by Staff writer, SF
Ahead of International Women’s Day, the Women’s Council of the National Council of Resistance of Iran (NCRI) held a conference in Paris on February 17, designed to show support for the empowerment of women in Iran.
The conference, attended by female political figures from around the world, was focused on the theme of abolishing the suppression of women in Iran, including the rejection of the compulsory veil, the immediate release of all political prisoners, and the establishment of freedom of speech in Iran.
Many of the speakers, including President-elect of the NCRI Maryam Rajavi, highlighted the role of Iranian women in the recent nationwide protests and paid tribute to their bravery.
The Iranian women had taken to the street in their tens of thousands to chant that the Regime should be scared of the people, and Rajavi urged the mullahs to take note. She said that the women of Iran are united, but they are also supported by women around the world.
Iranian Supreme Leader Ali Khamenei thinks of gender equality as a Western notion, which is why their laws suppress women more than men, but the Iranian Resistance believes that equality should be a global standard.
Rajavi urged the conference to support the uprising in Iran, in the hopes that Iran and its women would soon be free.
Maria Candida Almeida, Deputy Attorney General in Portugal, expressed solidarity with the Iranian women who are risking everything to protest for their rights.
She said: “To the women of Iran, we are with you in your just demand to restore freedom and democracy. We will be your voice in the international organization. One day, the people of Iran will be free and there will be justice for all people who were mistreated and abused.”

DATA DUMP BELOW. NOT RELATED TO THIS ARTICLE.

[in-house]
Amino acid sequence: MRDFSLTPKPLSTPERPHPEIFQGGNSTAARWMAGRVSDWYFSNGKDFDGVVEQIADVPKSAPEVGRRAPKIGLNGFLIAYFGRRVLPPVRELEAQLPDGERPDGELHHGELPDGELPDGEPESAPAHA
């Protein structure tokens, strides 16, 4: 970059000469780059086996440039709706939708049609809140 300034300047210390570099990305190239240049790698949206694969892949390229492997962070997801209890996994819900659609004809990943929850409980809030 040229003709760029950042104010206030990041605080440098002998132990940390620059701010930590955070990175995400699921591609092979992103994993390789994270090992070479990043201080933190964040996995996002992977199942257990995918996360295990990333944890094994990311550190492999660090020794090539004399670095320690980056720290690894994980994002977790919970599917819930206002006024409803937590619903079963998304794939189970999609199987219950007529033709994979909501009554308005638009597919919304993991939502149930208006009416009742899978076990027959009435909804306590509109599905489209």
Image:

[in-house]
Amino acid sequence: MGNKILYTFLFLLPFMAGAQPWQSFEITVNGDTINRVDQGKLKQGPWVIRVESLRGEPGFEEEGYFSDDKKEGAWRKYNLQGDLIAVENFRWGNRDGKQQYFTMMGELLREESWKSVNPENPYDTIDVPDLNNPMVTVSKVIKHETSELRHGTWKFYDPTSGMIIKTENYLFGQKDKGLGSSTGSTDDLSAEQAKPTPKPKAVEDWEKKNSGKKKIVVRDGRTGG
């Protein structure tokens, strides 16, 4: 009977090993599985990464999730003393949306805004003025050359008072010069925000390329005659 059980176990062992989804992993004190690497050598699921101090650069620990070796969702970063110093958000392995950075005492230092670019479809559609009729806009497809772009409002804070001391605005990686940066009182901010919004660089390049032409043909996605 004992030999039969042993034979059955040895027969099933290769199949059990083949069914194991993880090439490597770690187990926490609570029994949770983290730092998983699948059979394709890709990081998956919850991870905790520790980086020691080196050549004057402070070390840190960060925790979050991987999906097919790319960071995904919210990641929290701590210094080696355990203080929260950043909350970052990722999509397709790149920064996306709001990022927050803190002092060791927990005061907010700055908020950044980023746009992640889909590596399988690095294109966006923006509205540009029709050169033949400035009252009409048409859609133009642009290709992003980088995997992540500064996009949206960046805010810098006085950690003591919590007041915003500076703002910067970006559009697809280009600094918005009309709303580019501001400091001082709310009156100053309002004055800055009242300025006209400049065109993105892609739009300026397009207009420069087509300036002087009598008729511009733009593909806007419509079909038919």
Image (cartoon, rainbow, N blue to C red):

Violence against women
Rashida Manjoo, former United Nations’ Special Rapporteur on Violence Against Women, took the stage to talk the brutalities that Iranian women face on a daily basis, citing the prevalence of arbitrary incarceration, rape of political prisoners, forced marriage, beatings, and torture in Iran Manjoo said that silence from the international community on these matters allowed human rights abuses and amounted to complicity in the Regime’s crimes.
Baroness Verma, member of the British House of Lords and the Parliamentary Under Secretary of State for International Development and Ministerial Champion for tackling Violence Against Women & Girls Overseas, explained that she would make greater efforts to ensure the UK takes action against human rights abuses in Iran.
She said that there should be no place on earth that these violations are acceptable and called on politicians across the world to challenge the Iranian Regime on human rights as well, by asking why protesters are being arrested and why people are going missing.
Also in attendance at the conference were:
•Linda Chavez, the highest-ranking woman in President Ronald Reagan’s White House
•Susana Medina, President of the International Association of Women Judges and a judge in the Supreme Court of Argentina
•Ranjana Kumari, a renowned academician and social activist
•Ingrid Betancourt, a former presidential candidate in Columbia
•Anissa Boumédiène, former First Lady of Algeria